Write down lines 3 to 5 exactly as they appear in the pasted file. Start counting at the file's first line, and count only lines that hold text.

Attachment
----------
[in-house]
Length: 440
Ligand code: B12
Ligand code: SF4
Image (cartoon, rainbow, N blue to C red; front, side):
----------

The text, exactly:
Ligand code: B12
Ligand code: SF4
Image (cartoon, rainbow, N blue to C red; front, side):